By Gregory Solman
With one foot planted in Silicon Valley and the other at a bespoke television studio on the ground floor of L.A.’s W Hotel at Hollywood & Vine (leaving his hands free to play guitar in the house band of Eurythmics strummer Dave Stewart) BiteSize TV Chairman and CEO Ron Bloom straddles “two cultures separated by a common language.” Or, as he characterizes the chasm, “an incredible opportunity.”
In California’s north, Bloom built Mevio — a platform capable of delivering a billion video streams a month to an audience of 25 million — on rock ‘n’ roll residuals, a bankroll from the 1999, $350-million sale of his pioneering internet company and digital agency Think New Ideas, along with Silicon Valley venture capital stalwarts.
That technology foundation is essential to Bloom’s streaming site BiteSizeTV, which attempts to fill the niche between long-form content made for other screens and short-form “crap”— some of which, he admits, would fairly describe Mevio’s nonetheless profitable entertainment programming.
Hollywood owns destination-viewing in Netflix and Hulu, as Bloom (pictured left) sees it: They’re smart companies using great technology. On the low end, the web offers hit-or-miss experiences with “no predictability, no regularity, no episodic, no programmatic approach,” Bloom says.
It’s his opinion that big tech companies trying on entertainment have a prideful “if we build it they will come” mentality and jaded Hollywood has “one secret ingredient that Silicon Valley, with all of its R&D, has yet to discover, which is called marketing,” ironically allowing the supposedly new platforms of Netflix, Hulu and Amazon to live off the multi-million dollar promotional campaigns of the original releases.
Television was built on relentless marketing, even after audiences are hooked. “That’s a symbiotic relationship, an ‘I know what you’re going to be watching next week’ quality,” a swagger that’s missing on the web, Bloom says. He reckons cable nets such as Viacom and Scripps, with their myriad channels and exploitable properties such as MTV and HGTV, demonstrated a brand-building, owned & operated programming style ripe for internet replication. So Bloom invested “between 50 and 60 million dollars” over five years, used Mevio as a test bed, and mutated it into BiteSizeTV.com, launching the public beta last December and vowing to stay open to adjustments based on audience feedback. The company has been profitable since 2010, he says.
Bloom designed the network itself to become a reality show of sorts, a McLuhan-esque medium-is-the-brand-message concept: He figures his 18- to 34-year-old target wants to associate virtual content with an iconic physical location (a la the “Burning Man” desert bacchanal) and would enjoy watching the unscripted behind-the-scenes process of making the shows. Giant two-way windows face the streets of Hollywood on three sides while the studio emits an endless stream of “fresh, daily, relevant, topical, funny, interesting, provocative, oops-we-made-a-mistake type of programming,” Bloom says.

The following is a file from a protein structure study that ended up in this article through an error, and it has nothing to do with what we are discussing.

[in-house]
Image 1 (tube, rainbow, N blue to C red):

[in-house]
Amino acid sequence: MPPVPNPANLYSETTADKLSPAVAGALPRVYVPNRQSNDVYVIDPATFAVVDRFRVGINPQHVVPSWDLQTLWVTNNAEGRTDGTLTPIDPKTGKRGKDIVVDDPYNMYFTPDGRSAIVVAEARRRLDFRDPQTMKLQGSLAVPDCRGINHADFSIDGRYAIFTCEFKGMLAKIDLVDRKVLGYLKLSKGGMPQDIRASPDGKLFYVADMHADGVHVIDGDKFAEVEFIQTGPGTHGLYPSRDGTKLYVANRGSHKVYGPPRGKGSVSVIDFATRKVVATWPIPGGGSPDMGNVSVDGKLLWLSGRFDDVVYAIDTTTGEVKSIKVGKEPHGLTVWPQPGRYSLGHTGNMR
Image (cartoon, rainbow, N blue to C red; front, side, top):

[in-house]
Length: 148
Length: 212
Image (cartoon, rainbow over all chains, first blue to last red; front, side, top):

Bloom hopes the “premium-production quality” and topical, happening-now vibe of his six channels will distinguish it from other live streams. The Girl Spot features club-scene fashion and a “View”-type talker, but hosted by women “who aren’t dead yet,” Bloom quips; a man-cave equivalent, with one sports show called Sweat & Balls; E!-like Hollywood news and gossip; rude humor and stand-up (BSTV); a home for gamers and YouTube-star after-parties; and a music channel that will gather free content from bands seeking exposure. BiteSize TV also reports on major festivals and awards shows, including a live from Sundance stream last month. It takes a lot of work to produce so much content on a daily basis, Bloom says, but on the upside Hollywood has been welcoming.
Bloom argues his net’s interface design represents a platform missing-link “that responds to the evolving nature of media consumption.” It keeps all six channels readily accessible on a single page, competing for attention. A unique, company-engineered expanding and contracting viewer runs clips or a live feed as site visitors scroll down to search any of the 500 to 600 clips derived from those 10-hour-a-day live feeds. A typical daily live show will stream then be divided into five clips of five minutes each for random access or serial viewing later. “I look at the temperament, psychology, personality of person with 20 minutes to spend. I want him to be able to stay an hour … or go in a hundred different directions, but in a controlled environment,” Bloom says.
Major-brand ads adorn window notches on the site and pre-roll spots sponsor clips. Bloom either owns the shows outright, or partners selectively with friends like Stewart, who hosts “The Ringmaster” on the music channel and interviews guests as iconic as Ringo Starr and as only-meaningful-to-millennials as Too $hort.
A new deal will distribute and monetize BiteSize content throughout 7-Eleven’s closed-circuit network and its 100 million a month Big Gulp store dwellers. Bloom hints that a hotel’s network is next. “It behooves those establishments to consider themselves media brands,” he says.
Pictured on top is Vanessa Amorosi and Dave Stewart performing on The Ringmaster; Photo at centre shows Israeli actress Meital Dohan on Hollywood Today at the BiteSize TV studios.